Do You Really Need to Change the Water Filter in Your Refrigerator?

Updated on December 14, 2018
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Tom Lohr loves travel, photography, mid-century Americana, and all things weird.

Typical Filter
Typical Filter | Source

Why Do Manufacturers Recommend Changing Your Filter Every Six Months?

Does your refrigerator water filter need changed the on the manufacturer's recommended schedule? The short answer is: probably not.


Water filters are the real cash cow of the appliance industry. Like clockwork, the “change filter” light comes on every six months prompting you change your water filter. If you don't, according to most manufacturers, a giant asteroid will collide with the earth and we will all be killed. In reality, each time that light illuminates, the company that sold you your refrigerator hears a cash register.

Water filters are not cheap. If you stick with the recommended brand (of course supplied by the manufacturer), you will be shelling out somewhere between $20-50. I am not sure about you, but fifty bucks every six months hits my wallet pretty hard. It was the same in the auto industry for decades. Auto makers swore that you needed to change you oil every 3,000 miles or risk serious engine damage. As it turns out, under normal driving conditions, your oil last significantly longer than that.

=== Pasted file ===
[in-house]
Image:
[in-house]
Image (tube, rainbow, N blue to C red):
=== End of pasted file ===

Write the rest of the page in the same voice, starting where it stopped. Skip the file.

It is the same with refrigerator water filters. They do not need to be changed twice a year. Once a year maybe. That fifty bucks you save could fill a shelf on your refrigerator with something you really need; say beer for instance.

The Guts of a Water Filter
The Guts of a Water Filter | Source

What is Inside Your Refrigerator Water Filter

I just changed my filter last week; after four years. I figured it was time. The area I live in has very hard water, and I imagined the inside of my filter being choked with hard water deposits. So I bit the bullet and bought an off brand (MUCH cheaper than the manufacturer's brand), and changed it out. The process is super simple. But now that I had that old filter in my hand, I had to know just how nasty it was on the inside. So, I cut it open to see.

After locking down the filter in a vise, I introduced it to my hacksaw. After 5 minutes of sawing, the mystery of the inside of refrigerator water filters was revealed. Franky, I was under impressed. Inside of that thick plastic shell is a round charcoal filter with a hole in it. There was no nastiness, no slime, no goo, and absolutely no hard water deposits. I even cut the charcoal element in half, and was even more underwhelmed.

After purging the air out of the line by dispensing 10 or so glasses of water, the flow was the same and the taste was the same. Personally, I think it could have gone another 4 years without changing

The Filtering Element
The Filtering Element | Source

Hit the Reset

According to manufacturer's manuals, the charcoal element will eventually stop filtering out the nasty creatures that live in the water. But think of what feeds your water filter: city tap water. The water supplied by your municipality is tested regularly and deemed safe to drink. THEN it runs through your refrigerator filter. If you have funky tasting water in your locale, then maybe it helps. But in most cases it isn't doing much.

If you begin to see black bits of charcoal in your dispensed water, or it begins to taste odd, or the flow is significantly reduced, then by all means spend the dough and get a new filter. Otherwise, consider saving a few bucks and hit the filter reset button

One of Two Filter End Pieces
One of Two Filter End Pieces | Source

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